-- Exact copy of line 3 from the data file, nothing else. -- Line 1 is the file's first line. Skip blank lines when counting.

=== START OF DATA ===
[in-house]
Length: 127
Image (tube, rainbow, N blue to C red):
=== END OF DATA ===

Image (tube, rainbow, N blue to C red):